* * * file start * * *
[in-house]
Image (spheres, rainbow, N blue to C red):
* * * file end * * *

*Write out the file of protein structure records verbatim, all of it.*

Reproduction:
[in-house]
Image (spheres, rainbow, N blue to C red):